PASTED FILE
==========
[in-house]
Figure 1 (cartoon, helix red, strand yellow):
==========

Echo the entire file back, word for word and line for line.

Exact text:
[in-house]
Figure 1 (cartoon, helix red, strand yellow):